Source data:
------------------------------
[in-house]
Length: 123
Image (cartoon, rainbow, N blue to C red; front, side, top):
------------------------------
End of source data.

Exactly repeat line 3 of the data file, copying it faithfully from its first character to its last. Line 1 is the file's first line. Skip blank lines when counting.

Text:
Image (cartoon, rainbow, N blue to C red; front, side, top):